To this end, we demonstrate, for the first time, flexible and transparent all-graphene circuits for quaternary digital modulations that can encode two bits of information per symbol. The circuits are both flexible and transparent with every part of the circuit—including the transistor channels, the interconnects between transistors, the load resistance, and the source/drain/gate electrodes—fabricated with graphene only. The monolithic structure allows unprecedented mechanical flexibility and near-complete transparency that is not possible with either silicon or metal. This structure is possible because of graphene's unique property of being a zero-bandgap material retaining the property of both metal and semiconductor. Importantly, the ambipolarity of graphene transistors drastically reduces the circuit complexity when compared with silicon-based modulators. No more than a couple of transistors are required for the two quaternary modulation schemes demonstrated, whereas a multitude of transistors are required for conventional modulator circuits30,31.


Modulation mechanism and transistor characteristics

The basic modulation techniques map the information by varying up to three different parameters (amplitude, frequency and phase) of the carrier wave to represent the data. The most fundamental binary digital modulation techniques that correspond to each of these three parameters are binary amplitude-shift keying (BASK), BFSK, BPSK. Furthermore, by combining two or more binary modulation schemes, it is possible to extend this technique into quaternary digital modulation schemes such as quaternary amplitude-shift keying (4-ASK) and quadrature phase-shift keying (QPSK)32. Specifically, QPSK explores all four quadrants of the constellation, and it is the key building unit for highly efficient modulation techniques that are widely used in today's telecommunication standards such as Code division multiple access and Long-term evolution. The above-mentioned binary and quaternary digital modulation schemes are plotted in a polar constellation with the radial coordinate as the amplitude and the angular coordinate as the phase (Fig. 1a). Importantly, all of them can be realized by using all-graphene circuits on the flexible and transparent platform.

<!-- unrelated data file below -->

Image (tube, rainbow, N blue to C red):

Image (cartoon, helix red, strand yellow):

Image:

Figure 1: Modulation mechanism and device characteristics of flexible and transparent all-graphene transistors.
Figure 1

(a) A constellation diagram depicting five different digital modulation techniques demonstrated in this work. The z axis, representing the frequency, is included to show the frequency-modulated signals. (b) A plot of the transmittance as a function of the wavelength and an illustration of the all-graphene transistor structure (inset). (c) A photograph of graphene circuit on a transparent and bendable plastic substrate, and a microscopic image of an all-graphene transistor (inset). Scale- bar, 10 μm. (d) A histogram of the hole mobility extracted from 30 transistors and its Gaussian fit (red line). The inset is a plot of the ambipolar current as a function of gate voltage for a typical all-graphene transistor. Voltage across the drain and the source is 10 mV. (e) Illustrations of amplitude, frequency and phase modulation of a sinusoidal wave achieved by operating a single ambipolar graphene transistor at different gate biases.

Figure 1b (inset) shows the schematic of the all-graphene device fabricated on a bendable plastic (polyethylene naphthalate) substrate. The top, middle and bottom graphene layers form the top gate layer, the channel/interconnect layer, and the bottom gate layer, respectively. Two dielectric layers are deposited using an atomic layer deposition method to isolate the three graphene layers. The final device is highly transparent as shown in Fig. 1b (~95% transmittance; see Methods), and fully bendable as shown in Fig, 1c. The overall transmittance is higher than the expected value of 93% for tri-layer graphene16 because the majority of the area is covered with only one layer of graphene. Under the optical microscope, the graphene devices can be identified by the contrast difference among the top gate, channel and bottom gate region of the all-graphene transistor (Fig. 1c inset).